Despite the improvements in helmet technology, helmets may prevent skull fractures, but they do not prevent concussions.
Football High: Helmets Do Not Prevent Concussions
>>[male voice over] The research is still preliminary, and what these revelations will mean for the sport is anybody's guess. Although coaches and players are aware of the headlines, [whistle] [shout] the culture of the game remains very much as it has always been. [whistle] [Andrew Rowe, Shiloh Christian] I'd hit people a lot with my head—that's sort of my main thing. [whistle] When I didn't weigh as much, that was really my only weapon. [whistle] My helmet kind of shows all the marks and how much I've hit people. [whistle] [male shouting] Fortunately now, with the technology in helmets and the amount of padding that they have, it's basically like your head is sitting in a basket, even to the point where if I hit someone really hard, it doesn't really hurt. [whistle] [male shouting] [B.J. Maack, Arkansas Assoc. of Athletic Trainers] A helmet is not going to prevent a concussion. [male shouting] The helmet design of today—in the past, has always been about keeping the skull from getting a fracture, not a concussion. [whistle] Just because you have a helmet on doesn't make you invincible. And that's the danger that we've got to change the culture on.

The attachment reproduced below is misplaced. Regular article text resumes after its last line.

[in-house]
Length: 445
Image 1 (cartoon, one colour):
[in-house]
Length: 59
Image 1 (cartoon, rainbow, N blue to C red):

Posted on BrainLine December 10, 2013.